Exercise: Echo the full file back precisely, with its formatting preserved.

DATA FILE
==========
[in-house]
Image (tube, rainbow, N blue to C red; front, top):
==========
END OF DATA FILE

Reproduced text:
[in-house]
Image (tube, rainbow, N blue to C red; front, top):